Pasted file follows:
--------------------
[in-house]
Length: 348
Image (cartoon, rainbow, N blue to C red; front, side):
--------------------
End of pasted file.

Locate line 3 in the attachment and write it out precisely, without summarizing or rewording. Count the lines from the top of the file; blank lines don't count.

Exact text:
Image (cartoon, rainbow, N blue to C red; front, side):